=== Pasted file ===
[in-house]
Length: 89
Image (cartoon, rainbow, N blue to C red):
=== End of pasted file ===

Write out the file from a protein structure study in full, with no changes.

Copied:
[in-house]
Length: 89
Image (cartoon, rainbow, N blue to C red):